28) Lack of resilience seems to be a primary factor in civilizational collapse (at least this is how I understand Spencer Greenberg's conversation with Samo Burja ). I'm editorializing a bit here, but I think we have to find ways to improve environmental (or societal) outcomes without putting a straight jacket on our society,
29) Non-violent protest is statistically more likely to create lasting social change than violent resistance . I heard this first while listening to the amazing City of Refuge podcast and didn't quite believe it, but was pointed to Erica Chenoweth's book Why Civil Resistance Works by the show's producer (this podcast is a good introduction). The way this works is that stable social change ultimately requires buy-in from people, especially leaders of institutions. While violence can be an effective short run deterrent, overtime it repels people.
30) Americans are rapidly becoming less likely to think God exists. Especially Gen Z. Via Ryan Burge .
31) Unmarried young adult Americans are having sex less often . The driving factor seems to be later marriages and, increasingly, religious observance. Via Lyman Stone .
32) The great downsizing is coming. The leading edge of the baby boomers are 75 today and the share of 80 year olds in the population is set to increase rapidly over the next 10 years , which is important because 80 is when people tend to downsize and move into nursing homes. Via Calculated Risk .
33) When in a group of people who speak different languages, the chosen language for conversation tends to be the one known best by the participant that knows it least well, not the one that most people speak best, or the one with the highest average proficiency. Via Eurozine .
34) People who have been connected tend to double down out of embarrassment rather than change their minds. Via Brooke Harrington .
35) The phenomenon of terminal lucidity , where patients with dementia become themselves again shortly before they pass away. From The Guardian .
36) Obesity is almost definitely not caused by overeating, will power, or self control. In 1975, no country in the world had an obesity rate greater than 15% ; today this is common . From Slime Mold Time Mold .
37) AIDs has existed for almost 100 years , not just since ~ 1980. It is thought to have been in the US as early as 1940. Via Sarah Schulman on the Ezra Klein show .
38) The placebo effect is getting stronger in the United States. “The implications of this are pretty serious - the placebo effect in the United States has actually become quite a lot stronger over time, meaning that drugs that once would have been approved may not be now - because their performance relative to that of placebo is less convincing. "From All That Is Solid .
39) Orphans were used to transport the smallpox vaccine across the Atlantic from Spain to Venezuela in 1803 . They were intentionally given cowpox, which prevents smallpox, two at a time across the ocean until they made it to Caracas (this is where the root word for vaccine comes from, cow is vaca in Spanish). It's unlikely that the orphans were asked if they wanted to do this, but they likely saved thousands of lives. Via The Atlantic .
40) Be careful about your heuristics. Over focusing on what is easily measurable can cause you to miss what's truly important. This is called the McNamara fallacy. It's best summed up by this quote by the Great Bill Russell: Let's talk about statistics. The important statistics in basketball are supposed to be points scored, rebounds and assists. But nobody keeps statistics on other important things - the good fake you make that helps your teammate score; the bad pass you force the other team to make; the good long pass you make that sets up another pass that sets up another pass that leads to a score; the way you recognize when one of your teammates has a hot hand that night and you give up your own shot so he can take it. All of those things. Those were some of the things we excelled in that you won't find in the statistics. Via Aeon .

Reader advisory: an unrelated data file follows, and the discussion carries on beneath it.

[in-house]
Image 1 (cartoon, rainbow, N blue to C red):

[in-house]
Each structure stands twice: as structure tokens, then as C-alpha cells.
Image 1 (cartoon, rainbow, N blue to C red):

41) Be more adventurous with your experiments. At Bing, 2% of experiments led to 74.8% of gains. This suggests that we're probably being way too conserative with what we're testing. Via University of Chicago Press .
42) Habits are very sensitive to environments. If you are having trouble breaking a habit, try changing your environment; if your environment is changing, be intentional about your habits. Via David Epstein .
43) Don't forget to look for what you can remove to solve a problem . We systematically overlook subtractive changes that could be beneficial (removing something to improve it). From Scientific American.
44) Forecasts made after a vacation are more accurate. Source .
45) You can't self talk and scan your peripheral vision at the same time . From Allan Parker via Oscar Trimboli .
46) Busyness is a form of laziness , which I heard for the first time from my friend Uri Bram in his interview with Oliver Burkeman . I think about this at least once a week.
47) Fundamental error attribution , where we explain our faults as due to our situation and the faults of others as due to their characters so applies to friends vs. enemies. So if we have a friend who makes a mistake, we're more likely to attribute it to their situation, and if it's an enemy, we're more likely to ascribe it to their character. The key is to try and figure out what the other person thinks went wrong from their perspective. From non zero .
48) The most precious resource is agency : “This is not worship of employment, but a simpler observation: It seems that the more you ask of people, and the more you have them do, the more they are able to do later on their own. It is important to note that while we shouldn't allow children to be bobbin boys, no one would describe Steve Job's summer job at 13 as his exploitation. We should be thinking much harder about making sure children can make meaningful contributions to the world." From Simon Sarris and a theme of the parenting books I read this year, Montessori Toddler .
I'm not sure how to categorize these
49) France has more successful jailbreaks by helicopter than any other nation . GQ
50) The world's first unicorn was United States Steel, founded in Pittsburgh PA . Via Google Arts and Culture .
51) The original definition of the word weird: destiny-changing power. From Grow by Ginko .